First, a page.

Expiration date derivatives definition
Expiration date derivatives
An expiration date for derivatives – such as options or futures contracts – is the last day that the contract is valid. Either before or on this day, traders usually decide what to do with their financial position.
Before an option expires, the owner can choose to take up the option, close the position to realise the profit or loss or let the contract expire as worthless.
Futures contract owners can also roll over the contract to a future date. They can also close the position and accept delivery of the asset or commodity.
Expiration date and options values explained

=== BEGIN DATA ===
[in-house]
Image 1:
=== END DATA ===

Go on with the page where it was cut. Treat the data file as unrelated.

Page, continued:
Expiration dates vary depending on the derivative.
The expiration date for US stock options is usually the third Friday of the contract month or the month when the contract expires. If the Friday falls on a holiday, the expiration date is the Thursday immediately before the third Friday.
When an options or futures contract passes its expiration date, it’s invalidated. The last day to trade equity options is the Friday before expiry, so traders must decide what to do on this final trading day.
Specific options have automatic exercise provisions, and they get automatically exercised if they are in the money at the time of expiry. If a trader doesn’t want the option exercised, they must close out or roll the position by the last trading day.
Index options will expire on the third Friday of the month, which is also the last trading day for American index options. For European index options, the final trading is usually the day before expiration.